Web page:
Moving on from Windows Communication Foundation

What About Transactions?

2019-06-12 wcf Mark Rendle
A few people have asked about the alternative to WCF’s distributed transaction support, as implemented with [TransactionFlow] attributes and the .NET TransactionScope type. That built-in support for complex transaction management was one of the best features of WCF, but it’s also one of the reasons why a wholesale port to .NET Core is so difficult: under the covers, WCF’s transactions were managed by the Microsoft Distributed Transaction Coordinator (MSDTC), which is a Windows service and is integrated with Microsoft’s (and other vendors’) software when that software is running on Windows. Continue reading

WCF vs gRPC - Round 2

After my previous post comparing WCF to gRPC, a couple of people on Twitter and in the comments asked which WCF binding I had used for the performance comparison. The answer to that was “whatever the default binding is”, which is basic HTTP binding. As Clemens Vaster pointed out, that is not an “apples-to-apples” comparison, and a fairer WCF vs gRPC test would use NetTCP binding. So I re-ran my performance tests using NetTCP binding in a simple console host for the WCF service. Continue reading

Unix domain sockets on Windows

2019-05-27 networking Mark Rendle
I just found out from a tweet from David Fowler that Windows is getting support for Unix domain sockets, which is pretty amazing. Unix domain sockets are an inter-process communication (IPC) feature that use the file-system as an address space, and file-system permissions for security. Other than that, they generally work like regular network sockets. Lots of Linux software uses domain sockets for local connections; for example, Docker creates a /var/run/docker. Continue reading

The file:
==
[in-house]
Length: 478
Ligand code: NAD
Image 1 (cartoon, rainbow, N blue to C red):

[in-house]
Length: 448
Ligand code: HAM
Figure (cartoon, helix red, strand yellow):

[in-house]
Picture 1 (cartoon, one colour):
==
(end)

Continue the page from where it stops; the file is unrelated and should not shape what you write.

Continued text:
One of the alternatives recommended by Microsoft for organizations looking for a migration path away from WCF on .NET Framework is gRPC: a low-overhead, high-performance, cross-platform RPC framework. The upcoming .NET Core 3.0 has first-class support for gRPC; out of the box, you can create a new project with dotnet new grpc. This creates an ASP.NET Core 3.0 project with the usual Program.cs (remember, ASP.NET Core apps are console apps) and Startup. Continue reading

Life after WCF

2019-05-16 Mark Rendle

At the //BUILD 2019 conference, Microsoft announced that after .NET Core 3.0 (which is due to be released in Q3 of 2019) the next major release would be called .NET 5. This is intended to prevent the extra confusion that might result from there being a .NET 4.x and a .NET Core 4.x existing in the same universe. But .NET 5 will be the evolution of .NET Core, not .NET Framework.

It seems pretty clear that the old .NET Framework is going into legacy support mode, and while Microsoft are committed to continuing to support it long into the future, with security updates and so forth, it is unlikely that there will be much innovation or development on the platform. With both WPF and Windows Forms being ported to .NET Core 3.0, and made open source like the rest of Core, the future of those technologies seems assured and the migration path should be straightforward.

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